,” Yupanki answered, deftly cutting off the chief. “Twelve strong.”
“Good. All weapons on stun; shoot the instant they come into scanner range; we can’t let them report their findings. We’ll sort them out when they come to. Remember—the more we turn to our side, the better…especially if the Jem’Hadar are staying behind to defend the base.” He knew this well: few things challenged a soldier worse than fighting from corridor to corridor into a heavily-fortified facility full of rooms, nooks, and crannies where the enemy could hide. And creatures capable of shrouding themselves from sight in such an environment…all the worse.
The glinn listened for the telltale chirp as each rifle powered down to its lowest setting. Daro dared not signal Spirodopoulos and the other team; the investigating troops were early, and he hoped they’d already made it into position. He waved the other members of his team out of sight.
Satisfied, he stood. The team let him go in silence as he began his solemn, solitary procession down the hill where not for the first time in his life, he faced the very real prospect of dying at his own people’s hands.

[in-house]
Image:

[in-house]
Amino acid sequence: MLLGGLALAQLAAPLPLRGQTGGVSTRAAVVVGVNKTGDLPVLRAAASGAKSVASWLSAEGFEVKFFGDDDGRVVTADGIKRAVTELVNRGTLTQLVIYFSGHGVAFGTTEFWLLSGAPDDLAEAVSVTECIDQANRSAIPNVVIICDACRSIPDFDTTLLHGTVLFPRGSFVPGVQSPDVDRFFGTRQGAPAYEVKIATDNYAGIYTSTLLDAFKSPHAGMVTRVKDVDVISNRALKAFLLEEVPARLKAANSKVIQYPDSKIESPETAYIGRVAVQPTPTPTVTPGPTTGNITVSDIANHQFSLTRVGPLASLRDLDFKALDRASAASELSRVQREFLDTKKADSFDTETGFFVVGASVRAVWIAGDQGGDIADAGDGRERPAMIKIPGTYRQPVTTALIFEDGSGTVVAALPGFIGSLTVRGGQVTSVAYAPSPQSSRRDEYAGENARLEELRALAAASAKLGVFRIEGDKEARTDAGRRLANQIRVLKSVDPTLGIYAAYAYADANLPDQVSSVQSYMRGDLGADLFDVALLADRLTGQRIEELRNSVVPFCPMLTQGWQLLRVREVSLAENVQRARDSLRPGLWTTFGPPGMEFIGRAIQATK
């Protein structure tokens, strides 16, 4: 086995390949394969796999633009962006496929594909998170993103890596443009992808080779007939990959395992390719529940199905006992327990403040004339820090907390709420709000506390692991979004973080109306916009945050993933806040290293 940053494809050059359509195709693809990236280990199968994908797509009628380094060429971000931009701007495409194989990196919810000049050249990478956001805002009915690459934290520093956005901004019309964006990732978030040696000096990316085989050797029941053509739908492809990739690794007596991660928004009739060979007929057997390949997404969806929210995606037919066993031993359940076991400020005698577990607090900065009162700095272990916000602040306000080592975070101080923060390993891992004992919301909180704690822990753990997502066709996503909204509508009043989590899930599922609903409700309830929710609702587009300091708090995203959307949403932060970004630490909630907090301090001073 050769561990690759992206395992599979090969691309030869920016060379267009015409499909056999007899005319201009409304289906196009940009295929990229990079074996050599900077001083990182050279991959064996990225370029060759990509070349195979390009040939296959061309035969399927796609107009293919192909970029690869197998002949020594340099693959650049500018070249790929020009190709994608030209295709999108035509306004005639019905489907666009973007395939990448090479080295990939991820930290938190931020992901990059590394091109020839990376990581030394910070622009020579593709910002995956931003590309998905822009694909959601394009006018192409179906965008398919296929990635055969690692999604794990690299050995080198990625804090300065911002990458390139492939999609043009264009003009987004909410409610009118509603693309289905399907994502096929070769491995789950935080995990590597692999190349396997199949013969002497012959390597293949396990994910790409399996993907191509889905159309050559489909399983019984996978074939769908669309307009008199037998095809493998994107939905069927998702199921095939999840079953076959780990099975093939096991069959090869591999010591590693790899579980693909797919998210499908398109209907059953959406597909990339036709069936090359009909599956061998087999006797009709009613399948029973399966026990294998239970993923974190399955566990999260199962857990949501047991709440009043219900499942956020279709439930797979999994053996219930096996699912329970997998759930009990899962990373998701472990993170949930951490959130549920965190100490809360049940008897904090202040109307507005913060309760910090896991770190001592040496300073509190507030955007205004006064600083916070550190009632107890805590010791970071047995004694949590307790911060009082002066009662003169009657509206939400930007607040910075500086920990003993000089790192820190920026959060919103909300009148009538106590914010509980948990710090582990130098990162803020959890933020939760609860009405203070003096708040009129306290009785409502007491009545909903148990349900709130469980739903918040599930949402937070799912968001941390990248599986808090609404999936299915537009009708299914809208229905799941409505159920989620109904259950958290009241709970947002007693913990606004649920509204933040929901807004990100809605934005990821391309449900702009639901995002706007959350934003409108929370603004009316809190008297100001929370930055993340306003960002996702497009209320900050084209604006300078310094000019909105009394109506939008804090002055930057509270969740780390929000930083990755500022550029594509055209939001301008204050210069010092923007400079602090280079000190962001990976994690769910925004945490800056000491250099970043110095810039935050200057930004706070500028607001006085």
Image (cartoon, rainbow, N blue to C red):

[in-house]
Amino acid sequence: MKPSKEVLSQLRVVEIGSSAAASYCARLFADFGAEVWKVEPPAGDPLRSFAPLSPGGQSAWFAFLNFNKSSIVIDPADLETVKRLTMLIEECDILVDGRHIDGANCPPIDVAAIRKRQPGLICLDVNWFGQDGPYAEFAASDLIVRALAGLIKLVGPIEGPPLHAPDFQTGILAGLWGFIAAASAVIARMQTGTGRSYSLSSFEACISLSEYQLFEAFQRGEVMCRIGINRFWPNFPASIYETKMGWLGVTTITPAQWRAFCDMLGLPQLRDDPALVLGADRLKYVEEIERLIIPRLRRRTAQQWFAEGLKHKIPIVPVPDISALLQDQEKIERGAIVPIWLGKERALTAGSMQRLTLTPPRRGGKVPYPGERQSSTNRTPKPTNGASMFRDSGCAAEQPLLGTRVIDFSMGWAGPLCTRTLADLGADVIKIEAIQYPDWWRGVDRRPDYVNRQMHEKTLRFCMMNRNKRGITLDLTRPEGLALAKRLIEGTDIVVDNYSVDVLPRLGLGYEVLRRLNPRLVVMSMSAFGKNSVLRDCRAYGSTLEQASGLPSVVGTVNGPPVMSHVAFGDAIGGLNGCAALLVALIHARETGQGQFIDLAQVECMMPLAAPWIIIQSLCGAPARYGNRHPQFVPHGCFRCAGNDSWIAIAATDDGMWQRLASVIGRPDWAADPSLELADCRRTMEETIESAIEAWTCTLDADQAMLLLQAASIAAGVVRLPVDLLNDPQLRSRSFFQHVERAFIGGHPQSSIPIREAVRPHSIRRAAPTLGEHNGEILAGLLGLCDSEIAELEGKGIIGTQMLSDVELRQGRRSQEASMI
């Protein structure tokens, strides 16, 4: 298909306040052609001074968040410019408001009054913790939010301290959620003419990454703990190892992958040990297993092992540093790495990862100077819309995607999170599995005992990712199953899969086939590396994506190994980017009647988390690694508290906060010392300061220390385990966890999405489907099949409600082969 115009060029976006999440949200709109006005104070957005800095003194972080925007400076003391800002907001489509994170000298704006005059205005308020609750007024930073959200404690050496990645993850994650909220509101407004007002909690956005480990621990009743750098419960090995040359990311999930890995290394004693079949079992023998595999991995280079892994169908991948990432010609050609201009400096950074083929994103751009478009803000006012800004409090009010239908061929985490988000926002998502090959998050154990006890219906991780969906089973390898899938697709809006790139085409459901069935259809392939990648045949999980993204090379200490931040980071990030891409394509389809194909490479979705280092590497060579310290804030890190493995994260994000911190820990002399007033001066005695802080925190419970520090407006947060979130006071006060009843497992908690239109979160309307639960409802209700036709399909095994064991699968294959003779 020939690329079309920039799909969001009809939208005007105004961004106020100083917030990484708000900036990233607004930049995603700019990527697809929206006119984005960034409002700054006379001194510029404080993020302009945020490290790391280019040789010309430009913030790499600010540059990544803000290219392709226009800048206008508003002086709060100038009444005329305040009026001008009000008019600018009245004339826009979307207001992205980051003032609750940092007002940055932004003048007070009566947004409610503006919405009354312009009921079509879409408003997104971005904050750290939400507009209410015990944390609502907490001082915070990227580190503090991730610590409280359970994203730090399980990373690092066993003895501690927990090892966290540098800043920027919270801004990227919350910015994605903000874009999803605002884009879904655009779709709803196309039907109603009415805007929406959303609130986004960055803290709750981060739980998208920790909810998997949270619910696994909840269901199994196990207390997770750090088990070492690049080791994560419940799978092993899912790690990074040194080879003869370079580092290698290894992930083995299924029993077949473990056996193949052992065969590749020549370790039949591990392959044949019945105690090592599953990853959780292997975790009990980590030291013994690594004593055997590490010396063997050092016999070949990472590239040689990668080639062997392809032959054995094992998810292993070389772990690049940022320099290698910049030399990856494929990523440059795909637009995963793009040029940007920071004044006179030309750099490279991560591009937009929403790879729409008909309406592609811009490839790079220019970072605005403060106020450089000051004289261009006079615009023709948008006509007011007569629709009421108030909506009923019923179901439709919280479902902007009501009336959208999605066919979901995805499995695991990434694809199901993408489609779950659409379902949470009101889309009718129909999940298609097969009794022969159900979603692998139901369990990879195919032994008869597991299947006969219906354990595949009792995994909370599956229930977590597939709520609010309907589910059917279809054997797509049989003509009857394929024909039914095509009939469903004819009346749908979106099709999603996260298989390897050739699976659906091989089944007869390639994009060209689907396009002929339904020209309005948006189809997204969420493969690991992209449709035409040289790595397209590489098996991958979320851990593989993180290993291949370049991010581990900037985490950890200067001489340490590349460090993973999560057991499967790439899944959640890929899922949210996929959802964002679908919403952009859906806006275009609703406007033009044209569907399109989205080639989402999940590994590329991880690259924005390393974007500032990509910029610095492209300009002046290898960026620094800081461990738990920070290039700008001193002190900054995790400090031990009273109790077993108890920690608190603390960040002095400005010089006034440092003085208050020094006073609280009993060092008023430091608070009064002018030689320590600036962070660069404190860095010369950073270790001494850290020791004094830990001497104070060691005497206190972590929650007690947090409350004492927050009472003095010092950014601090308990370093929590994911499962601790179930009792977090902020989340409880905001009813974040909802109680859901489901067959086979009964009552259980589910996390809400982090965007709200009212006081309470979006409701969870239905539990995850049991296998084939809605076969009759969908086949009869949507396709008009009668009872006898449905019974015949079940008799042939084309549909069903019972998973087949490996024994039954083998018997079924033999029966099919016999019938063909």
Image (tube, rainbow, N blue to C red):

Mike Spirodopoulos couldn’t help but shake his head at the contemplative Cardassian glinn as he strode out to meet the oncoming platoon without even raising his rifle. The base soldiers had split into two units of six, with one heading straight for Daro. The rest fanned out over the basin in the standard search pattern Ragoç
Ador had described.
Oh, the irony—here he goes doing exactly what he warned me not to…
But the soldiers’ reaction to what he did next proved Folani’s suggestion had been dead on the mark. Neither he nor the Bajoran was exactly clear what it was in Glinn Daro’s past that had so chastened Gul Speros, nor had anyone been too forthcoming on the matter, but Folani had postulated a few minutes earlier that whatever it was, his presence might act as a lightning rod, a way for them to take down the search team before they thought to signal their findings back to base.